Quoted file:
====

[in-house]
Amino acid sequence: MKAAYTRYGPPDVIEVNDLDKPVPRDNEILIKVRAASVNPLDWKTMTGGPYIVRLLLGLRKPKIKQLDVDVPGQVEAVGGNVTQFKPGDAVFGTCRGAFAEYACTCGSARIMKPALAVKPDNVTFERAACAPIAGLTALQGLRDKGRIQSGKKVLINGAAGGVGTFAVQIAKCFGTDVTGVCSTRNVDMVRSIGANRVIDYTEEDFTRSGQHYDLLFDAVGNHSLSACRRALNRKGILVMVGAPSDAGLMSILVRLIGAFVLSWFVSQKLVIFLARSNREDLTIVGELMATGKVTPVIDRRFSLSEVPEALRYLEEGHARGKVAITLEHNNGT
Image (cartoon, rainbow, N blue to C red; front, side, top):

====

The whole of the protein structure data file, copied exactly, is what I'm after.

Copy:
[in-house]
Amino acid sequence: MKAAYTRYGPPDVIEVNDLDKPVPRDNEILIKVRAASVNPLDWKTMTGGPYIVRLLLGLRKPKIKQLDVDVPGQVEAVGGNVTQFKPGDAVFGTCRGAFAEYACTCGSARIMKPALAVKPDNVTFERAACAPIAGLTALQGLRDKGRIQSGKKVLINGAAGGVGTFAVQIAKCFGTDVTGVCSTRNVDMVRSIGANRVIDYTEEDFTRSGQHYDLLFDAVGNHSLSACRRALNRKGILVMVGAPSDAGLMSILVRLIGAFVLSWFVSQKLVIFLARSNREDLTIVGELMATGKVTPVIDRRFSLSEVPEALRYLEEGHARGKVAITLEHNNGT
Image (cartoon, rainbow, N blue to C red; front, side, top):